After the Edmonton Oilers won their fourth Stanley Cup in five years in 1988, the team shocked the sports world by trading Wayne Gretzky to the Los Angeles Kings in a five-player deal, ending one of the greatest runs in NHL history.
Two years later, the Oilers lifted the Cup for the fifth time by defeating the Boston Bruins in five games. Mark Messier led the team that season with 129 points in 79 games. Jari Kurri, meanwhile, notched 93 in 78.
In goal, Edmonton was led by Conn Smythe Trophy winner Bill Ranford who played in 22 of 23 playoff games posting a goals-against-average of 2.53. Backup goalie Grant Fuhr, who was the starting goaltender when the Oilers won their first four Stanley Cups, battled shoulder injuries that season and played in just 21 games.
It’s been 30 years since the Oilers last raised the Cup. Here are three facts from Edmonton’s last championship team:
The first game of the Stanley Cup Final against the Bruins was one of the greatest games in NHL history. The Oilers took a 2-0 lead into the third period behind goals from forwards Adam Graves and Glenn Anderson.
Bruins Hall of Famer Ray Bourque answered with two goals in the third period, including the game-tying goal with 1:29 remaining in regulation. Before his game-tying goal, the game was delayed for 26 minutes for a power outage delay.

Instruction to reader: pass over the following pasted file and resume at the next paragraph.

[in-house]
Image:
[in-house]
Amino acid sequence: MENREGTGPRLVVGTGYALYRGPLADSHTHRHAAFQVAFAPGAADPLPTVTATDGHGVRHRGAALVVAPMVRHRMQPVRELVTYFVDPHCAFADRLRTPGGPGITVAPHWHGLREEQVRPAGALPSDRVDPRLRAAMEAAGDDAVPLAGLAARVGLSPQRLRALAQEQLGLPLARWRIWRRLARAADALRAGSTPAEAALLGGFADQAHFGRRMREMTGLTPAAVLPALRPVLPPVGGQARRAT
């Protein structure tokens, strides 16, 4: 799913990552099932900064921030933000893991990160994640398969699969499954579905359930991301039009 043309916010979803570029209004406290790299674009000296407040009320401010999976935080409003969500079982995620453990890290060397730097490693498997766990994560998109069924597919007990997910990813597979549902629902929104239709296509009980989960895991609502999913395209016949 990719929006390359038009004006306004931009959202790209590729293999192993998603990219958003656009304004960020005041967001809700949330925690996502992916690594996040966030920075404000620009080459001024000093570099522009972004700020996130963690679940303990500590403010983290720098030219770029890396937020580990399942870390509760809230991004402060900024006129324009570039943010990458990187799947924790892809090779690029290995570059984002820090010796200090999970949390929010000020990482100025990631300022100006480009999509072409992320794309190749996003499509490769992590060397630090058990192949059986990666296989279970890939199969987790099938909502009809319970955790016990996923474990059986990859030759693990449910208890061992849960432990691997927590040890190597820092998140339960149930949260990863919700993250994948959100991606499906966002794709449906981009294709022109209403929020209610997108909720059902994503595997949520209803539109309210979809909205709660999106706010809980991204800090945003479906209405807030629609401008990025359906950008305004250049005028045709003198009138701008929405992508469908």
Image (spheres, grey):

The game went all the way to triple overtime before Oilers winger Petr Klima scored the game-winning goal.
The game took five hours and 32 minutes to complete and to this day, it remains the longest game in Stanley Cup Final history.
Messier and Craig Simpson led the team with 31 points during the Stanley Cup playoffs. Simpson tallied 16 goals and 15 assists while Messier lit the lamp nine times with a team-high 22 assists.
During the 1990 playoffs, the team had 10 players tally double-digit points with Kurri (25), Esa Tikkanen (24) and Anderson (22) rounding out the five highest-scoring Oilers. The team scored 93 goals during the playoffs.
The 1989-90 Oilers team featured four Hockey Hall of Famers: Messier, Kurri, Fuhr and Anderson.
Messier won the fifth Cup of his career in 1990 before winning his final as a member of the New York Rangers in 1994. In his legendary career that spanned 25 NHL seasons, he posted 1,887 points in 1,756 games and was inducted into the Hall of Fame in 2007.
Kurri, a 2001 Hall of Fame inductee, played 17 NHL seasons including 10 in Edmonton. He tallied 1,398 points in 1,251 games and was the highest-scoring European player in NHL history when he retired.
Fuhr is one of the greatest postseason performers in NHL history posting a combined 56-14 record in the years Edmonton won their first four Stanley Cups. The 1988 Vezina Trophy winner was inducted into the Hockey Hall of Fame in 2003.
Lastly, Anderson spent 12 of his 16 NHL in Edmonton where 906 points in 845 games as a member of Oilers. The six-time Stanley Cup champion was inducted into the Hall in 2008.
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